That said, here are a few Bible-based recommendations the Lord showed to me to help you on your way:

General Guidance for a Daughter-in-Law:

• Bathe all in-law conflicts in prayer. God wants to talk it over with you, and He wants to comfort and inspire you.

• Don’t be jealous, possessive, or selfish of your husband with your mother-in-law. This is ugly behavior that will make you appear ugly to your husband and children. It is not God’s way. She’s his mother, not a competing girlfriend.

• Apply the 6th commandment: “Honor your father and mother that you may live long in the land.” Because of the one-flesh principle, your husband’s mother is now your mother, too. You now owe his parents the same honor, respect, and courtesy, as he does to yours. (Remember, your husband’s actions are not your responsibility. You are only responsible for your own actions.)

• In a corollary to the above - - You were created by God to be your husband’s helpmate, so be a help to him. Encourage him to honor his parents. Don't fuel his resentments by complaining about them. Imagine how you are going to feel when you are in your mother-in-law’s shoes and take care not to alienate his affection for her.

• Go the extra mile to include your mother-in-law through photos and updates on the family. Be inclusive.

• Do not project thoughts or motives onto your mother-in-law, as in some perceived disapproval or hidden motive. She can't read your mind and you cannot read yours.

• Find something about which to be openly positive, and offer honest praise of your mother-in-law.

• Employ the Golden Rule. You need to be selfless, not selfish, for the sake of our beautiful Lord. Be to your mother-in-law the daughter-in-law you hope to have someday!

For mother-in-laws, try implementing the following:

General guidance for a Mother-in-Law

• Bathe all in-law conflicts in prayer. God wants to talk it over with you, and He wants to comfort and inspire you.

• Children are on loan. They do not “belong” to their mothers as a possession might. They belong to God.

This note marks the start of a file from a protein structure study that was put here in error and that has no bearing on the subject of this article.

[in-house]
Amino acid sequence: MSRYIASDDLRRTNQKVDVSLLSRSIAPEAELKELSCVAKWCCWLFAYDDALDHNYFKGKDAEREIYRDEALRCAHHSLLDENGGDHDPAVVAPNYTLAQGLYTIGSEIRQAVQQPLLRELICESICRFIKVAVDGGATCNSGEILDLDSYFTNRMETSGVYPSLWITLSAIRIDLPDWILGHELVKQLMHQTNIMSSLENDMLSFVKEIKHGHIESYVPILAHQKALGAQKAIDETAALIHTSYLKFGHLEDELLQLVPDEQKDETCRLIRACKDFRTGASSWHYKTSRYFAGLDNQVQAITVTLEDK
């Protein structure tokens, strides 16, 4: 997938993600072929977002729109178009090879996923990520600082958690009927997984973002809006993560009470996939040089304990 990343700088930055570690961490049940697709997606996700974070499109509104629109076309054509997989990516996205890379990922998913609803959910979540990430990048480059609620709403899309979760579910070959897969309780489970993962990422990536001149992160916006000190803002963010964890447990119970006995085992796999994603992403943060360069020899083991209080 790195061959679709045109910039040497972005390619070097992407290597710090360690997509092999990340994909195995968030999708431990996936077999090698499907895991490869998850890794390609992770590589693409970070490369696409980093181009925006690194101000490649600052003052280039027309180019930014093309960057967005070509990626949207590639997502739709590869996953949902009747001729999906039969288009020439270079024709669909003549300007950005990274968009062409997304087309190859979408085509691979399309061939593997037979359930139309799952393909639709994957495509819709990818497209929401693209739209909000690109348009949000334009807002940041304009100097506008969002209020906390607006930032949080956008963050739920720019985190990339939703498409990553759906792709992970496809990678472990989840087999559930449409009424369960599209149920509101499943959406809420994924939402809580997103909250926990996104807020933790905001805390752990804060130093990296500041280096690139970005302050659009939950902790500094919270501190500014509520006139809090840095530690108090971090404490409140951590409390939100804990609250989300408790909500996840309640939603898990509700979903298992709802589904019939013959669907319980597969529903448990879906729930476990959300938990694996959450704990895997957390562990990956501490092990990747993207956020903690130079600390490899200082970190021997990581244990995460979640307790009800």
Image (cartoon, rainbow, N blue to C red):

• Married children actually do belong to their spouses. They are united as one in a new and separate family entity. (In the Word of God, they are told to leave mother and father and cleave to their spouse and become one flesh.)

- A mother must accept this as good because it is the Lord’s decreed will.

- Because this separation and resultant union is good in the sight of the Lord, a mother of a married child should do all she can to cause the new union to flourish.

- To this end, a mother must strive not to cause conflict within her child’s marriage.

• Find something about which to be openly positive, and offer honest praise for your daughter-in-law.

• Do not project thoughts or motives onto your daughter-in-law, as in some perceived disapproval or hidden motive. She can't read your mind and you cannot read yours.

• Focus your love on your own husband to strengthen your own marriage, so that you both can find satisfaction and love in each other, rather than through the children.

• Employ the Golden Rule: You need to be selfless, not selfish, for the sake of our beautiful Lord. Be to your daughter-in-law, the mother-in-law you wish you had.


Choose a problem below, or bring up one of your own, and apply the following three questions:

1. How does God view the situation?
2. What does His Word say about it?
3. What does God want me to do?

Possible In-Law Problems:
1. Doesn’t approve of my mothering style
2. Criticizes my cooking/cleaning/figure/etc.
3. MIL/FIL lives with us
4. We live with MIL/FIL
5. PILs too involved in our finances
6. Give the children things/food/movies we don’t want for them
7. Talks only to my husband and ignores me
8. FIL hits on me
9. MIL dresses inappropriately, or thinks I dress inappropriately
10. Hates Christ
11. PILs verbally abusive to my husband/me/our children
12. Etc.